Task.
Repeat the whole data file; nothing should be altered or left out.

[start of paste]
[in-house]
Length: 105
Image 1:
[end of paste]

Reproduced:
[in-house]
Length: 105
Image 1: